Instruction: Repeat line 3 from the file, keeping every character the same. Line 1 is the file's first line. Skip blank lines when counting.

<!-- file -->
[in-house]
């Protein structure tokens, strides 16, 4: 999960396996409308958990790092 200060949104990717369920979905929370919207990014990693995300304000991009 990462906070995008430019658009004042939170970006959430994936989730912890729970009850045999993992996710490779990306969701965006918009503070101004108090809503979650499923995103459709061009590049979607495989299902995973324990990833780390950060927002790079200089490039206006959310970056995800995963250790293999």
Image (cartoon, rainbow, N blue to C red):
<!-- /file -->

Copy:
Image (cartoon, rainbow, N blue to C red):